Furthermore, there is an increasing need for workers in cutting-edge industries like augmented reality design, blockchain development, and quantum computing, according to NASSCOM, the Indian IT industry association.

It’s important to emphasize, though, that although robots are good at quantitative jobs, they don’t have the same qualitative touch as people. Human abilities like as empathy, creativity, and complex problem-solving are still indispensable. This contrast highlights the increasing need for people in tasks that are difficult for robots to imitate, such as design thinking, content development, and mental health counseling.

Essentially, automation is reshaping the traditional labor market, but India’s focus on innovation—supported by government programs and business acumen—guarantees a rich tapestry of chances for the astute professional.

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Upskilling has become essential in the ever-changing Indian scene. India’s talent pool has to be continuously educated in order to remain internationally competitive due to its large population. Courses on new technology trends are available at prestigious universities like IITs and IIMs. To upskill its employees, big IT companies like Infosys, TCS, and Wipro have opened training facilities and teamed up with sites like Coursera and Udemy. Courses on new technology trends are available at prestigious universities like IITs and IIMs. Machine learning and blockchain seminars are offered by startups and incubation organizations.

The old “study-work-retire” paradigm will give way to a cyclical “study-work-upskill-repeat” one as a result of this change. Learning is possible at home with the help of MOOCs and digital platforms. Upskilling is essential for professional progress in the age of rapidly advancing technology.

NASSCOM and the Ministry of Electronics and Information Technology (MeitY) have launched a digital upskilling incentive program via FutureSkills Prime, their platform. Primarily, the platform aims to tackle the deficiency of skills among applicants at the entry-level and teach the present Indian workforce in advanced technology.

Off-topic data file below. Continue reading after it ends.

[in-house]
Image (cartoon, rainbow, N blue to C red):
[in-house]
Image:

Projects like e-NAM from Digital India demonstrate the human-machine symbiosis by providing farmers with digital solutions. With this collaboration, new avenues for technological advancement and hitherto unimagined technologies should become possible.

Trends of Remote Work

Once only a spike on India’s job radar, remote labor has become increasingly popular, thanks in part to the forces of automation and the digital revolution coming together.

The majority of Indian IT businesses were compelled by the epidemic to adopt a work-from-home policy. This change wasn’t a one-time thing; a lot of businesses are thinking about using a hybrid model that strikes a balance between office presence and remote employment.

One of India’s largest IT companies, Infosys, has announced a move to a flexible “hybrid work model” in order to handle the uncertainties brought on by the epidemic, according to an article in the Economic Times. This says a lot about how India’s workplace culture is evolving.

Given that places like Bengaluru, Mumbai, and Delhi are infamous for their terrible traffic jams, many employees find that having no commute is a huge benefit.

MeitY has always supported digital platforms and tools. Their drive for Digital India goes beyond simply digitizing services; it also involves encouraging an office environment that makes use of these technological resources to facilitate remote work.

Businesses in India are using remote collaboration platforms like Zoom, Slack, and Trello at higher rates than before. This demonstrates how shifting paradigms have made productivity and finishing tasks more important than set work schedules.

Also, the trend toward remote work is democratizing job possibilities. Talents from Tier-2 and Tier-3 cities, who formerly faced obstacles due to geography, are now afforded equal possibilities in the domestic and international labor markets. Indian experts are increasingly providing their skills on websites like Upwork and Freelancer, which suggests that project-based work and freelancing are in high demand.


Automation is a clear signal of adaptability rather than a sign of impending unemployment. The path ahead at this juncture is preparation rather than opposition. Accept the shift, improve your abilities, work together, and cautiously but enthusiastically enter the dynamic, automated future. The nature of work is evolving, but if one has the correct attitude, this is a promising and potentially-filled time.